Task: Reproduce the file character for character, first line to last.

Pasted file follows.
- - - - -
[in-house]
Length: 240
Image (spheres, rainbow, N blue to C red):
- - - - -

[in-house]
Length: 240
Image (spheres, rainbow, N blue to C red):